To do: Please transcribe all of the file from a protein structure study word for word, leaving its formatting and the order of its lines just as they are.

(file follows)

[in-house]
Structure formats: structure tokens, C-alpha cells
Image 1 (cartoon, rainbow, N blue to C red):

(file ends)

[in-house]
Structure formats: structure tokens, C-alpha cells
Image 1 (cartoon, rainbow, N blue to C red):